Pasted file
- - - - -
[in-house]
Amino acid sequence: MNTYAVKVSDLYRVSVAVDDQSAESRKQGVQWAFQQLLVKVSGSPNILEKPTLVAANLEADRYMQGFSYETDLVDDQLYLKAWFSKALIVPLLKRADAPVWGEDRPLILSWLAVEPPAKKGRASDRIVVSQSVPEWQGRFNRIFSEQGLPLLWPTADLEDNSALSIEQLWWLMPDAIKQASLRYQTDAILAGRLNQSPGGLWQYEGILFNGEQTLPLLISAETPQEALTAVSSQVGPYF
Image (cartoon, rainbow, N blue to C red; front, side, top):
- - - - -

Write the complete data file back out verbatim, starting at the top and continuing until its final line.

[in-house]
Amino acid sequence: MNTYAVKVSDLYRVSVAVDDQSAESRKQGVQWAFQQLLVKVSGSPNILEKPTLVAANLEADRYMQGFSYETDLVDDQLYLKAWFSKALIVPLLKRADAPVWGEDRPLILSWLAVEPPAKKGRASDRIVVSQSVPEWQGRFNRIFSEQGLPLLWPTADLEDNSALSIEQLWWLMPDAIKQASLRYQTDAILAGRLNQSPGGLWQYEGILFNGEQTLPLLISAETPQEALTAVSSQVGPYF
Image (cartoon, rainbow, N blue to C red; front, side, top):